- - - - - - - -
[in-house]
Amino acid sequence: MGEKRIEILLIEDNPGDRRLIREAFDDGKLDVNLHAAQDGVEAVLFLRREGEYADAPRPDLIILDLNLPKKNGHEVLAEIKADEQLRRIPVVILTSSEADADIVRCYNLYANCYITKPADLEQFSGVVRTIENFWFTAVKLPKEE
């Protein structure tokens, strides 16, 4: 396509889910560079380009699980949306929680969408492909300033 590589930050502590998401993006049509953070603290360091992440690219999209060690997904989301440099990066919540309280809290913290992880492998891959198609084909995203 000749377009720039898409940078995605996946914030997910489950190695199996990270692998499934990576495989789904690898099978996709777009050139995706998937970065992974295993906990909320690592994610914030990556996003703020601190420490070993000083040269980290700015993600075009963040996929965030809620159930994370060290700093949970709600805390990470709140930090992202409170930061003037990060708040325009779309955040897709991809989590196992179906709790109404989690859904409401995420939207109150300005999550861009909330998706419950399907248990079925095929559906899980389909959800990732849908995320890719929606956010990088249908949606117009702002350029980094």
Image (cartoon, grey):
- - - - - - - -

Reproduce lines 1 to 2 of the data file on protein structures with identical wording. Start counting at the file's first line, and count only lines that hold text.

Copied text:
[in-house]
Amino acid sequence: MGEKRIEILLIEDNPGDRRLIREAFDDGKLDVNLHAAQDGVEAVLFLRREGEYADAPRPDLIILDLNLPKKNGHEVLAEIKADEQLRRIPVVILTSSEADADIVRCYNLYANCYITKPADLEQFSGVVRTIENFWFTAVKLPKEE